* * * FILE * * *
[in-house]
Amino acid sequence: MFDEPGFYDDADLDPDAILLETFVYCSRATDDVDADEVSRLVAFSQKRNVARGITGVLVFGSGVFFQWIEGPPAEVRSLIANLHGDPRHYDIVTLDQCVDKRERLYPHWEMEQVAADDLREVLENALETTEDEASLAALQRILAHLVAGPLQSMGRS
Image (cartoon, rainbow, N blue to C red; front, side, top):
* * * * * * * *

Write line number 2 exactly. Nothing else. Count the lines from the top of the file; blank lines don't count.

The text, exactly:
Amino acid sequence: MFDEPGFYDDADLDPDAILLETFVYCSRATDDVDADEVSRLVAFSQKRNVARGITGVLVFGSGVFFQWIEGPPAEVRSLIANLHGDPRHYDIVTLDQCVDKRERLYPHWEMEQVAADDLREVLENALETTEDEASLAALQRILAHLVAGPLQSMGRS